For the 45 minute walk between DARhaus and co-worker office, the iFi and Chord pieces ride in a backpack as the Audeze Sine and iSine 20 do turns with their corresponding Cipher cables or AudioQuest’s DragonFly Red, both of which connect to an iPhone 6S Plus its Lightning port. Old Red requires an intervening Camera Connection Kit from Apple.

    It’s a different story once sat at the office desk. The in-line AudioQuest and Cipher DAC/amp-ing are parked in favour of the iDSD. Why? It sounds quite a bit better. More detailed, better control – fuller, richer listening experience. Music sounds more present and less nervy – a finding that places it on par with the DragonFly Red and Rupert Neve Headphone Amplifier combination used back at the DARhaus.

    So – if the upgrade from Cipher to Chord Mojo is analogous to a move from instant coffee to filter/drip, how about the move from Mojo to iDSD? Can the newcomer overthrow the incumbent?

    On iPhone hook-up, the iFi brick takes the early lead (pun intended). The iDSD’s Type A USB 3.0 socket accommodates Apple’s CCK directly. Unlike the Mojo minus its extender kit, no additional USB cable is required.

    From iFi’s long box package come adaptors, both hard and fly-lead, so that the iDSD BL’s Type A USB socket can interface with a Mac or PC. iFi recommend using their blue USB 3.0 cable, also supplied. I followed this advice for Audirvana+ 3.0-fronted listening on an 11” Macbook Air but found the Curious USB cable + iFi’s hard adaptor to offer slightly better resolution and clarity. Slightly.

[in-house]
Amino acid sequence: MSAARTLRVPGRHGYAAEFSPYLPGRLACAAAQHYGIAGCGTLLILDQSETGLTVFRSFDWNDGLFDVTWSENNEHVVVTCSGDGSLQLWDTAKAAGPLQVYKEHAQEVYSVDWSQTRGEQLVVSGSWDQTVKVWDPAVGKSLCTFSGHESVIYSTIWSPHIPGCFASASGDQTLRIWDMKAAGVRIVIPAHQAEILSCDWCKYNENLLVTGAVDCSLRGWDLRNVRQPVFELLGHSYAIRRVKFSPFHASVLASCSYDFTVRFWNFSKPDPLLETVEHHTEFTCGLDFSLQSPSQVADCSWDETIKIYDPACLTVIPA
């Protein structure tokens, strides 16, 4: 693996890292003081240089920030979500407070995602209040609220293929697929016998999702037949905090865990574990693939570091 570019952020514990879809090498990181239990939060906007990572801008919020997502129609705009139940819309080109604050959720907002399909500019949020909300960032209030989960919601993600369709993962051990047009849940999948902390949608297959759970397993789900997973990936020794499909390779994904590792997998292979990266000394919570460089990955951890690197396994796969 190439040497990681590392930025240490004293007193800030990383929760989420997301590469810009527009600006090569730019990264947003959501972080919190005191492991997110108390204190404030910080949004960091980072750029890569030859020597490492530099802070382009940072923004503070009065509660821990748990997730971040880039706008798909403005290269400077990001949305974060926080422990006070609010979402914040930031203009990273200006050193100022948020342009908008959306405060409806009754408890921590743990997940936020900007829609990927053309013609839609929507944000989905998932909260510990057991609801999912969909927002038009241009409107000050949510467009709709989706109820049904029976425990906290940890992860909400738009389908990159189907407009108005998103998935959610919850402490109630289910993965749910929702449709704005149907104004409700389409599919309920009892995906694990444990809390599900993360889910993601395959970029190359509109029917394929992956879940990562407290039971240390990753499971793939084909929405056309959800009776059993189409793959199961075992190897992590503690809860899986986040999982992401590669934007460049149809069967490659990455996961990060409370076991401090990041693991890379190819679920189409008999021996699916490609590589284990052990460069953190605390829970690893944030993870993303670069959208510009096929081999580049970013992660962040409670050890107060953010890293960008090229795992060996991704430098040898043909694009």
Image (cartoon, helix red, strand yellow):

Back with the Mojo, TWO micro-USB terminated cables are required for simultaneous charging and listening. For the Black Label iFi, we need only one. Click the volume pot clockwise after PC/Mac hookup and the host’s power will flow freely into the DAC/amplifier. However, power it up before USB connection to PC/Mac and go juice will come from the iDSD’s internal battery with the manufacturer promises up to 12 hours of listening, depending on power output.

    From a red side-mounted slider, we step through three power output modes: ‘Eco’ puts 250mW into 16 Ohm loads, ‘Normal’ shows 32 Ohm cans almost a full Watt of power whilst ‘Turbo’ asks tougher loads to say hello to 1.5W.

    For high- and ultra-sensitive IEMs, like this reviewer’s Fitear Air customs, there’s iFi’s three-position IEMatch circuitry that delivers on its promise of lowering hiss and giving the listener more usable turn from the volume rotary (one that could be knocked when in pocket). That said, the Mojo is as equally sensitive to the needs of the Tokyo-made CIEM by default.

    Digging into the long box a second time we find yet more adaptors: a mini-TOSLINK for the hybrid S/PDIF input (that deal in coaxial and TOSLINK); a 3.5mm-3.5mm wire to feed the iDSD BL an analogue signal; an RCA to RCA cable for hooking the iFi as DAC and/or (defeatable) pre-amplifier into a loudspeaker rig; a 3.5mm to 6.44mm to bring smaller headphone terminations up from Mojo to iDSD Black Label size.

    Extending listening – Goldie’s Inner City Life 2017, Luna’s Penthouse, Grandaddy’s Last Place, Robyn Hitchcock’s eponymously titled 2017 release – across several afternoons at the office confirmed that the iDSD BL puts acoustic mass ahead of detail retrieval and separation and the Mojo inverts those priorities.